Controlling Daylight - Higher Ground Consulting Group, LLC
February 25, 2020
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ControllingControlling things is one of the reasons some people aspire to leadership. It’s a weak position to take since most of those who report to anyone in authority resist being controlled. Every human being values freedom and liberty over a tyrannical government or a domineering boss.

Yet here we are, on the weekend just prior to Spring, trying to control something that can’t be tamed. If you live in North America, like me, last night you completed the ritual of turning your clocks ahead by one hour to preserve some daylight.

In November you will reverse the ritual and turn your clocks back by one hour, again to supposedly preserve daylight. We all know this ritual is just sleight of hand. No daylight has been spared; it’s just been shifted to accommodate our society’s need for more leisure time in the summer months.

According to an article on the Farmer’s Almanac website, Benjamin Franklin is credited with suggesting the concept of “saving daylight.” His article An Economical Project, written in 1784, was somewhat satirical in tone. It advocated laws compelling citizens to get up before dawn, thus encouraging an early bedtime to save the expense of candles.

If Daylight Saving Time (DST) is a ploy to get the lazy among us out of bed, I’m not sure it has served us very well.

The same article names the first true proponent of DST as an Englishman named William Willet. He was a London builder and conceived the idea in 1907 when he noticed, early one morning, that the shutters of houses were tightly closed even though the Sun had risen. His The Waste of Daylight manifesto was an unsuccessful personal light-saving campaign.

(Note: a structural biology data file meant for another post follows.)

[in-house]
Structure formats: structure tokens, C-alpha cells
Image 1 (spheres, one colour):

World War I changed people’s attitudes about the concept. Both governments and citizens recognized the need to conserve coal that many people used for heating homes. Germans were the first to officially adopt DST in 1915.

The United States followed suit in 1918, when Congress passed the Standard Time Act, which also established time zones. It was introduced in spite of strong public opposition. Many Americans viewed the practice as an absurd attempt to make late sleepers get up early. It seems ironic that controlling the citizen’s support for a war effort was the compelling argument, not trying to control time.

Debating the benefits and drawbacks of DST is not the intention of my post. DST is alleged to save energy, improve the economy, and impact public safety and health. Naturally the studies find evidence on both sides of these issues; a good thing for those receiving grants to study DST.

I’m inclined to believe that politics has more influence over the continued practice of DST than any of the other benefits mentioned. When government can exercise controlling interest over some aspect of our lives there is little incentive to change the system.

Writing about Daylight Saving Time is not my attempt to start a revolution. I’m trying to challenge leaders who feel the need to control, hoping they might reconsider their approach.

We all love the routines of work and play; the rhythms of order and schedule. That’s probably why DST will always be with us. It is our chance twice each year to act like we are controlling time, even though no daylight was actually saved.

Photo Credit:

Ken Byler

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